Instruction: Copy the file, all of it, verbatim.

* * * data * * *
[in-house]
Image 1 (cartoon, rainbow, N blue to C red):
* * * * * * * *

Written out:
[in-house]
Image 1 (cartoon, rainbow, N blue to C red):